Updated: Apr 20
Around March time in your academic year in China, your school or agent will typically ask you to stay or look to relocate you if you so wish. It was one of the easiest decisions I ever faced as to whether I wanted to stay in China or not.
Beside the freedom you get to travel and the everyday adventure of living in a new culture, you get a lot of job satisfaction as a language teacher. Don’t be mistaken, teaching isn’t for everyone. Some people find it very difficult and some simply find being away from home too hard. It is a big step to move half way around the world but the biggest risks always yield the biggest rewards.
One of the difficulties I found was the language barrier whilst teaching. Sometimes, no matter how hard you try to act something out or say it slowly, the students won’t have a clue. This can be frustrating in the beginning especially if it’s a key point of your lesson. Toward the end of it though you will begin to laugh about this type of thing more often.
Even these people take away so much experience and tons of memories. Every day in your job you’re faced with children with who want to learn from you and find you fascinating; they want to be able to converse with you, learn your culture and share theirs.
Children are children. They will frustrate you at times but there are times when they will amaze you. The laidback attitude toward your class means the children, given time as they are usually shy at first, feel very comfortable expressing their personality in your class. When the children who are quiet come out of their shell, down to your teaching, it is incredibly gratifying. This job satisfaction is something which is missing from the 9-5 rat race graduates are faced with. All too often people are expected to land on their feet after university with a high paying job when the reality is these jobs don’t exist.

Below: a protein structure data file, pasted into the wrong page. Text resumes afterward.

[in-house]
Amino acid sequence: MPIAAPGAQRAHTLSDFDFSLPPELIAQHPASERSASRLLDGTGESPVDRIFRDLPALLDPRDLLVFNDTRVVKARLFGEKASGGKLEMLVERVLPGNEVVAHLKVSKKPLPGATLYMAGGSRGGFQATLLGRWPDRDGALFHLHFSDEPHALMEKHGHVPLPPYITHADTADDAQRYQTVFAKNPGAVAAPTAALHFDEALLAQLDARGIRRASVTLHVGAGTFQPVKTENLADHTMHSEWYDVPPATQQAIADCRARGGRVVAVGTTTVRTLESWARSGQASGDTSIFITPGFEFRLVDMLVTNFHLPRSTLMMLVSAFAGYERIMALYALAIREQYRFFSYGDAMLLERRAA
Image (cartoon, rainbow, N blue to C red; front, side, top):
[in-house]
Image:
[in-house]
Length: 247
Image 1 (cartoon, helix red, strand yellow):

But sometimes we find what we don’t want to do. I knew I never wanted to work in retail ever again when I left University. I know some people who left China saying they wouldn’t want to teach again although they were so grateful they did it. As well as this, having it on their CV stands out so much so that 20% of grad jobs suddenly becomes much more attainable. Employers value people who can take risks and work in new environments.
As touched on earlier, the ability to travel with this opportunity is something which makes it stand out too. Being based in South East Asia means flights to places like Bali, Vietnam,Thailand and Malaysia are very affordable and convenient enough to do on a long weekend. In one year you could easily expect to visit 4 countries which would be otherwise impossible and usually take a year of hard saving.
Whilst I continue to build experience on my CV and travel the world, I’m enjoying learning a new language and finding out about a new culture. You can send money to your English bank account every month too, to dispel the myth that it’s a gap year thing that will leave you broke and is a waste of time after uni.
Much like any job you’ll find problems and stuff you would change, but you being responsible for a student finding a passion in your class is pretty cool, and coupled with the ability to see the world and meet like minded people whilst doing so means like me, many people will do a second year and possibly more.
Written for The Fewer Things by Billy Odonovan - Check out Billy's adventure on his Instagram page @odonovanbilly